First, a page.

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Re: [Pali] anguttara 1.5.7

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  • Piya Tan
    Dear John, PED has given various usages of the suffix -jaata. Here, in sense, I think -jaata refers of something like generation or type . The suffix could
    Message 1 of 8 , May 16 5:35 AM
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      Dear John,

      PED has given various usages of the suffix -jaata. Here, in sense, I
      think -jaata
      refers of something like "generation or type". The suffix could also be
      rendered as
      "true", that is "of all true trees" but I think it is a little
      stretched. The sense
      I think is a reference to "all trees".

      I think this is Pali idiom. It can be left untranslated without any loss
      of sense in
      the English.

      The "issa" of "issa,phandana" is a very interesting word. By itself it
      has different
      meanings (see Cone). But see CPD "issa-phandanaa" where it the
      expression seems to
      be found only in Jaataka 475 "The Lion and the Phandana tree" (where WHD
      translates phandana as "Plassey tree" = palaa.sa. Butea frondosa (J
      475). I am
      unable to trace any references to "the antelope (or the bear) and the
      (which could be a story in the Pancatantra if we follow DhA 1.4/1:50
      where the
      variant reading accha,phandana for issa,phandana appears). I do not have
      Pancatantra (though I have read some of the stories in children's



      John Kelly wrote:

      > Dear friends,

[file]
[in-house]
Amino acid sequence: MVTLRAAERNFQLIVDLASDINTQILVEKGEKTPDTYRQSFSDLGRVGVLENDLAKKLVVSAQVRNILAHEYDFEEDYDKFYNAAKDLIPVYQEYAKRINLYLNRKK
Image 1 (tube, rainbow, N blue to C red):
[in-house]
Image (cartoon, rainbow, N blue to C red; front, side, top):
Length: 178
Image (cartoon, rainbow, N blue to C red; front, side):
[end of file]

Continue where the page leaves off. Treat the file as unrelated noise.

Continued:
> In my occasional spare time, I'm doing some
      > translating of the Anguttara Nikaya, and am working my
      > way through the Book of Ones. I have some questions
      > abut the following passaage - #1.5.7:
      > Seyyathaapi bhikkhave yaani kaanici rukkhajaataana.m
      > phandano tesa.m aggamakkhaayati, yadida.m mudutaaya
      > ceva kammaññataaya ca. Evameva kho aha.m bhikkhave na
      > añña.m ekadhammampi samanupassaami, ya.m eva.m
      > bhaavita.m bahuliikata.m mudu ca hoti kammaññañca
      > yathayida.m citta.m. Citta.m bhikkhave bhaavita.m
      > bahuliikata.m mudu ca hoti kammaññañcaati.
      > I've currently translated this as:
      > Just as, monks, of all the trees that grow(?) the
      > phandana(?) is declared to be the softest and most
      > pliable; in the same way, monks, no other thing do I
      > know that is so soft and pliable as a developed and
      > cultivated mind. A developed and cultivated mind is
      > truly soft and pliable.
      > My questions are - is "trees that grow" a suitable
      > translation for "rukkhajaata", and what is a good
      > translation for "phandana"? I couldn't find this word
      > in the PED. Also, I would appreciate any other
      > suggested improvements for the whole passage, if the
      > knowledgable Pali experts on this list see any.
      > Thank you.
      > With metta,
      > John
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